In a modern business of any size, data is what makes or breaks you. It’s what gives your company a competitive edge—or can fail you if not used properly. It’s the raw material of an informed, dynamic corporation—as essential to revenue as iron ore is to a steel manufacturer or wood is for a paper mill.
Today’s challenge is not so much about gathering data as a resource (if anything, there’s too much data to go around) but rather about employing it effectively and safely. In this first of a series of posts, I’ll look closely at the various sources of data that flow into an enterprise and begin to understand the need for enterprise data technology (EDT)—the collection of tools and processes that help a company harness the power of its data. In later posts, I’ll look at the specific systems and applications of EDT, then explore current EDT trends, including AI.
By way of background, much of my three-decade career has focused on analyzing, selling or marketing enterprise data and the solutions that manage it. I started with a software company that developed an enterprise resource planning (ERP) solution for the chemical manufacturing and distribution industries. In that capacity, I had to show prospects and customers how essential data was for managing sales orders, monitoring inventory, processing work orders and planning overall operational capacity.
Data was essential then, and it’s even more essential now. Digital transformation cannot happen without a holistic understanding of data and its value. That applies to everyone and every function within a modern corporation, to one degree or another.
The confounding array of enterprise data sources
To clarify, these articles focus on the types of information typically associated with large corporations. The data management issues of a 10-person firm are noteworthy but on a different scale than a corporation with thousands of employees spread across the country or around the globe. Coordinating data across such an expansive organization can’t be handled by people alone, as becomes evident once you dig into the details. So, let’s investigate.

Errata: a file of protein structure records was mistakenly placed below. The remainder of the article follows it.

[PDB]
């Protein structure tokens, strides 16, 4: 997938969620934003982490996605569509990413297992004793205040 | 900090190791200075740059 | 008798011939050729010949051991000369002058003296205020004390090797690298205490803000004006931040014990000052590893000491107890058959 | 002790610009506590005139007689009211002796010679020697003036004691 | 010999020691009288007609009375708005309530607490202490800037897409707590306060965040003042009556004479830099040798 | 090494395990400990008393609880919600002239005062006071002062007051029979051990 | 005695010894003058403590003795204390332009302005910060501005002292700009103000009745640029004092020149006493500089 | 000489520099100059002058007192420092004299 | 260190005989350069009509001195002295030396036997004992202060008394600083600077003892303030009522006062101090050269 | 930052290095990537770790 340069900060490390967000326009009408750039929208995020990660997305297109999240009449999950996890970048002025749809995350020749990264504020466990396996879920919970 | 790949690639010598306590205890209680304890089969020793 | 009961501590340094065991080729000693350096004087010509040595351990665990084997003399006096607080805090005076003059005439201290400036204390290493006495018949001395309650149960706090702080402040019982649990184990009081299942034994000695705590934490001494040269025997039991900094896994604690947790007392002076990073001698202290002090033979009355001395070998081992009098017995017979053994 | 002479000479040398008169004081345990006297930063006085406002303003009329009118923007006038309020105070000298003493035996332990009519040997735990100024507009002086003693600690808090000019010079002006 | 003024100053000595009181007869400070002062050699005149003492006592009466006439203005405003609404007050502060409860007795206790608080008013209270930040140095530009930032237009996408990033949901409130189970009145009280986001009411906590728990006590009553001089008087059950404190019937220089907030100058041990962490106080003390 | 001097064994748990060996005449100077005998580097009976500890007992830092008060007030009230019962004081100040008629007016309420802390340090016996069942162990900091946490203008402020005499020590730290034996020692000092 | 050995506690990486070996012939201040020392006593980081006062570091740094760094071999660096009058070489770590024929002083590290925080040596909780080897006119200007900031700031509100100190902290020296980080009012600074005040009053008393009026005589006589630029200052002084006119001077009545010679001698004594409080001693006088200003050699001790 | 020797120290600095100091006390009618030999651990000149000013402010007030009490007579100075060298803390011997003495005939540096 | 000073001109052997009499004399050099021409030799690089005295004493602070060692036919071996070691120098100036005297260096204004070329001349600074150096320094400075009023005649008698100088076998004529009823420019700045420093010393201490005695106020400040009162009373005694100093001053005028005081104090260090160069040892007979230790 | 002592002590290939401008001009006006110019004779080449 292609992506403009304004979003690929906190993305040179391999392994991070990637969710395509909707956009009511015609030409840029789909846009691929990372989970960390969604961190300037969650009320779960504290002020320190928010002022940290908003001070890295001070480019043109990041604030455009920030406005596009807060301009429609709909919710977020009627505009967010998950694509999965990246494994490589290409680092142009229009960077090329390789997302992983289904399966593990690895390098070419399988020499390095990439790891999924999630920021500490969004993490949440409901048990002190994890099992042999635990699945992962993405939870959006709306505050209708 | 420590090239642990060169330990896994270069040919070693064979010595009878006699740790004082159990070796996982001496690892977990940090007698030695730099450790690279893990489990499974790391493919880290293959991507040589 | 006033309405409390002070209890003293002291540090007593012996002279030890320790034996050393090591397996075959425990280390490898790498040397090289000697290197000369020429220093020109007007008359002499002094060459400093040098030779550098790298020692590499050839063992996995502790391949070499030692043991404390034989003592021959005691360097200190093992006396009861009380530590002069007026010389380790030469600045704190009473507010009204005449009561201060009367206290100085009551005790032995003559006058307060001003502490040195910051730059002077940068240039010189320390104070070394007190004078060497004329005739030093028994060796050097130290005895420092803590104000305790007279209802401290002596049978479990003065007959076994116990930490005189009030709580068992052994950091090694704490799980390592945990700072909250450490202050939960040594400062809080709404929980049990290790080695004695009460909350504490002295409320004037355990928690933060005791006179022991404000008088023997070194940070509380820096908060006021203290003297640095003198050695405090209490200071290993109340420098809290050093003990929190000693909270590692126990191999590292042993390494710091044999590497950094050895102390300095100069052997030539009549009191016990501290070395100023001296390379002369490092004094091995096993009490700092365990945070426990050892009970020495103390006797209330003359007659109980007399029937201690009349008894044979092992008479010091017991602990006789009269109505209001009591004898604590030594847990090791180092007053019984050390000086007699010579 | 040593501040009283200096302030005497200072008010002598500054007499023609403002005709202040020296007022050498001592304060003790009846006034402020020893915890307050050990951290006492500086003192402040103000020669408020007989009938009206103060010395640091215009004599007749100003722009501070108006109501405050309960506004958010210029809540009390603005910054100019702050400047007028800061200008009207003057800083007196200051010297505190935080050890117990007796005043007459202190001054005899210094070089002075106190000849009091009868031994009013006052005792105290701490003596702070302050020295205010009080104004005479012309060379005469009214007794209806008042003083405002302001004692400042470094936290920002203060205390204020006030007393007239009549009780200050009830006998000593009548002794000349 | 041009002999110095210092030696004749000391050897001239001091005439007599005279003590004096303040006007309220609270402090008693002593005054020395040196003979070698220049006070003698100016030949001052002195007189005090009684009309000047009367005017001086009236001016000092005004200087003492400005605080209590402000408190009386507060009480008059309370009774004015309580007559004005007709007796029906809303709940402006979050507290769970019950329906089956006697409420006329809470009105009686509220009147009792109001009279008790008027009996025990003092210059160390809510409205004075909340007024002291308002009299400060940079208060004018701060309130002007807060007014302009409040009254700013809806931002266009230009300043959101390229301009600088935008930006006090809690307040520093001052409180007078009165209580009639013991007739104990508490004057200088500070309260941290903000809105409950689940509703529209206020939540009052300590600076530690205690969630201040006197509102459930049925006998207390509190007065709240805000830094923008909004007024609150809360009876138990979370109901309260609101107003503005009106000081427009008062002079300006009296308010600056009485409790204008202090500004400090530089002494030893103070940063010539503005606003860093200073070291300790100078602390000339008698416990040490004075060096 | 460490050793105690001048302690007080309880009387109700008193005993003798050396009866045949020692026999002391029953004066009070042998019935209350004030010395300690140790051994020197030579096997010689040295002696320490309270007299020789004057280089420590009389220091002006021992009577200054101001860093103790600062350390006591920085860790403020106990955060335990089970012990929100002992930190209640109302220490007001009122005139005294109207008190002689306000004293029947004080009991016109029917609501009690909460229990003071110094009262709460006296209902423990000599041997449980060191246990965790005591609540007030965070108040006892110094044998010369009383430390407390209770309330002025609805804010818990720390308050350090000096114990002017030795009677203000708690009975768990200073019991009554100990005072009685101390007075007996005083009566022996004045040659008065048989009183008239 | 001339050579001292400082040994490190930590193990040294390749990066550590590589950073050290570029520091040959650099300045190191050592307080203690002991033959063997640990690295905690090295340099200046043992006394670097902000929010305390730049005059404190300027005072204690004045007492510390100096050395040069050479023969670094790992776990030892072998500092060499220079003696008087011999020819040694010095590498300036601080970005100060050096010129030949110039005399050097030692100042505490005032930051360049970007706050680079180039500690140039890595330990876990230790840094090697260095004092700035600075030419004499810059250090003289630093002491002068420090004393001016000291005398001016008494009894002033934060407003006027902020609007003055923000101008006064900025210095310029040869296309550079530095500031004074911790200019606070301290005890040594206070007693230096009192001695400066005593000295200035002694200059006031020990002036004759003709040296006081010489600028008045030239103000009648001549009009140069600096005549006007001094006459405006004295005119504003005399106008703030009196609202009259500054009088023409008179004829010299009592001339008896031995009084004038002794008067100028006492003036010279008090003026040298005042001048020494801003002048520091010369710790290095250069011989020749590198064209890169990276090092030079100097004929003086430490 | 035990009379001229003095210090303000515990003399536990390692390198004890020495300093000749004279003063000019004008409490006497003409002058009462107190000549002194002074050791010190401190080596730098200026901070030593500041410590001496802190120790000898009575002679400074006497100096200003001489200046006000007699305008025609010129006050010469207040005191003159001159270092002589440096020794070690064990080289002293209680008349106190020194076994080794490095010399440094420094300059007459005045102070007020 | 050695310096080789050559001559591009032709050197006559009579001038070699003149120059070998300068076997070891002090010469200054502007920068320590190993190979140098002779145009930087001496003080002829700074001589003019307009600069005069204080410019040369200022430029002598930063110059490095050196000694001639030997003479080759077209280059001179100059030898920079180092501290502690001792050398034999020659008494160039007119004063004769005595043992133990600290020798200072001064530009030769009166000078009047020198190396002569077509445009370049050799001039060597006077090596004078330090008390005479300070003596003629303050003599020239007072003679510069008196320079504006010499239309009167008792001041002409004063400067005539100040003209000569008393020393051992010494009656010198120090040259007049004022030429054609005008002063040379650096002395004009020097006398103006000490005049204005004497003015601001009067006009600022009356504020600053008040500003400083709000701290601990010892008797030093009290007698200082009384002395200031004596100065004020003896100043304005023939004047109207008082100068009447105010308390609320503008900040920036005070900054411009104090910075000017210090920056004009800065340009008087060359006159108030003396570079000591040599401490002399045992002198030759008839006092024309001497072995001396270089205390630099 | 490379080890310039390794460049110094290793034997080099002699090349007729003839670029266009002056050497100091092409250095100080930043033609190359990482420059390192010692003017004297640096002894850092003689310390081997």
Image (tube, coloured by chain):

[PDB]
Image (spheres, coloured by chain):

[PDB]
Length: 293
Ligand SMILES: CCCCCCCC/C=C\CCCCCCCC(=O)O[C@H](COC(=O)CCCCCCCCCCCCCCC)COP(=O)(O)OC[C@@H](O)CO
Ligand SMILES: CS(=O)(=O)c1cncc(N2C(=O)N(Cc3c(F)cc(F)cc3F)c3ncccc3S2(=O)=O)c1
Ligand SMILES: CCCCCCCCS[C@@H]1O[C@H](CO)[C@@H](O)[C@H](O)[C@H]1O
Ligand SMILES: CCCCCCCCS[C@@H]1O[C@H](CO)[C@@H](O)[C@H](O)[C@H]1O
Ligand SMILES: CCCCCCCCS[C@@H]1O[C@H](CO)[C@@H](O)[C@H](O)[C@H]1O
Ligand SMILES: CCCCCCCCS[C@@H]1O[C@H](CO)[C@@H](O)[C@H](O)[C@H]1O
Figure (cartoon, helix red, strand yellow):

Enterprise data includes structured data, such as records in spreadsheets and relational databases, and unstructured data, such as freeform text, images and video content. Structured data is, by definition, recorded in a way that facilitates its retrieval. Unstructured data? Not so much. That’s our first hint about how difficult it can be to manage enterprise data effectively.
We also further differentiate between data that is internal and external. As we dig into the many varieties of each of these categories below, you’ll be reminded why this distinction can be important and just how complex it can be to manage information from so many disparate sources.
Internal data: The information used for running the enterprise
Internal data is exactly what it sounds like: all the internally produced data created in the course of operating a company. It includes the following:
- Operational data — Including transaction data about sales and purchases; inventory data regarding raw materials, finished goods and inventory levels; and financial data regarding revenues, costs and profits
- Human resources data — Employee information including profiles, performance, payroll, attendance and training records
- Infrastructure data — Details on the company’s physical assets, properties and IT infrastructure
- Communication data — Records of internal emails, notes, memos and minutes of meetings